Prepping your food can make all the difference in your diet

Salt and Pepper Ingredient

Joshua Steckler, the owner of Push Fitness  a personal training studio located in Schaumburg, specializing in weight loss, muscle toning, and nutrition.  He shared in the Daily Herald Newspaper on September 17, 2016 that if you consistently find yourself grabbing snacks from the vending machine or stopping off for fast food, it’s time to start prepping. Preparation takes time up front, but definitely pays off in the long run.

Try the following tips and never again settle for limited options.

1. Prepare your food ahead of time. OK, this seems obvious, but, if you don’t have food prepared, you’re going to grab whatever food is available at the last minute; and many times it won’t be a choice to be proud of.

If you don’t have time to sit down and make breakfast in the morning, make sure you have healthy options available to grab before you run out the door.

If you’re at the office all day, prepare your lunch and snacks the night before so you can grab it along with your breakfast on your way out in the morning. This way, you have all the healthy food you need to get you through the day. Continue reading

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Foundation Recognized for Healthy Eating-Out Program

Healthy Eating Meaning Fresh, Nutritious And Low Fat Eating

The article shown below was  published by Impact DuPage on September 21, 2016.  Healthy Lombard is honored to have its efforted recognized by this wonderful organization.

Municipalities across DuPage County are working to make an impact on strategic issues, such as Healthy Lifestyles. In Lombard, the Healthy Lombard coalition is working with restaurants to create and promote healthier menu options. In an effort to increase healthy eating and reduce obesity, restaurants are improving the local food environment by adopting Healthy Lombard criteria for healthier dining options. Developed by a Registered Dietitian Nutritionist participating in the coalition, these criteria include having food options that are low-calorie, have beneficial ingredients, and that are low in fat, cholesterol, and sodium.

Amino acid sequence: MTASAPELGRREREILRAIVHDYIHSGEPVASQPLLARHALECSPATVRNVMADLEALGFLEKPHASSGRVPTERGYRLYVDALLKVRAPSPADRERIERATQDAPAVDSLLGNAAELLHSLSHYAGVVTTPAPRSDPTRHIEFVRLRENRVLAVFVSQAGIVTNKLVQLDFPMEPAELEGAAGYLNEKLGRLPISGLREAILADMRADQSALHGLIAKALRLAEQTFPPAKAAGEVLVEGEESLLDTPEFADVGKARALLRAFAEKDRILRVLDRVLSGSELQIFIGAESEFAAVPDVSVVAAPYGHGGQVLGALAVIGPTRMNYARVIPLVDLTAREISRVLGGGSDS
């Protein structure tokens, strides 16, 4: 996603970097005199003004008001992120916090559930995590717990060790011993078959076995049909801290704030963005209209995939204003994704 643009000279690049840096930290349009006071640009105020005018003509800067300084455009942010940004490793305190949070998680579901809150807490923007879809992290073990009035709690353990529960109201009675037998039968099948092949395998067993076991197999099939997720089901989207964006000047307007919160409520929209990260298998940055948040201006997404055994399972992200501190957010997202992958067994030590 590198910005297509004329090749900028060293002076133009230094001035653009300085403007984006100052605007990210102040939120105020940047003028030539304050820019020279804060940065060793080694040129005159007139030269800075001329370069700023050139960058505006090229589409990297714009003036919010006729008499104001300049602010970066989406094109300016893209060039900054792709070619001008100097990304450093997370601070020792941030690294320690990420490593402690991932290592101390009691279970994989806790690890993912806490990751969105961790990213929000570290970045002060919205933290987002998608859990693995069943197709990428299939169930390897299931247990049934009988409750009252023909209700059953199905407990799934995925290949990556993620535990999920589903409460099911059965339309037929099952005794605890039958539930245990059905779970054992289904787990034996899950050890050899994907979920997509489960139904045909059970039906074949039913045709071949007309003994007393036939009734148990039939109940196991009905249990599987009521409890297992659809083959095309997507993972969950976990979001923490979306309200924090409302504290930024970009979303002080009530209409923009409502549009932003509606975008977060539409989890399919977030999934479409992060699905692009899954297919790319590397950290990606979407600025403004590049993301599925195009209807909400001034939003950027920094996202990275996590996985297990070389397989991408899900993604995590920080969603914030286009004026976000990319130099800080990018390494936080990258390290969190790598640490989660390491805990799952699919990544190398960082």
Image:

Four restaurants located in Lombard, including restaurants such as Maxfield’s Restaurant and Main Street Cafe, have already agreed to participate and will be displaying the Healthy Lombard designation in the restaurant for customers to identify. By implementing strategies to increase and promote healthy eating options, Healthy Lombard will help our community reach intended outcomes and advance the well-being of DuPage County.

Check out our Healthy Eating Options Page to see the menus of two restaurants that are participating in this project, Maxfields on Roosevelt Road and the Main Street Cafe on Main and St. Charles Rd.

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How Much Water Do YOU Drink?

Child drinking pure water in nature

Nancy Nance, NASM Personal Trainer,at shared that when she asks her clients, “How much water do you drink each day?” she is always surprised when she hears people say they only drink one bottle of water a day.  That one bottle is usually a 12-ounce

According to Nancy, our body needs more water to be able to function properly. Water to the body is like gas is to a car. You need to put the gas into the car in order for it to run smoothly. You can’t add other liquids instead of gas and think it will still run ok. When we drink coffee, pop or alcohol, if does not replace drinking water. Actually, for every cup of coffee you need to drink 2 cups of water.
So, how much water do you need to drink? Optimally, you want to drink half your body weight in ounces. So, if you are 100 pounds, you need 50 ounces of water. Now, you may be thinking there is no way you can drink that much water. Nancy encourages you to start by just adding an extra glass or bottle each day for a week or two and then keep increasing until you get to your goal. You can do it!
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6 Things MS Nurses Wish Their Patients Would Do — And Why

We interviewed three nurses who specialize in MS care (and see hundreds of patients every year) to find out what they think are the most important steps for people with multiple sclerosis to take. You’ve probably heard some of this advice before, but it bears repeating — especially because, as the nurses note, some of these tips can lead to big improvements in your quality of life.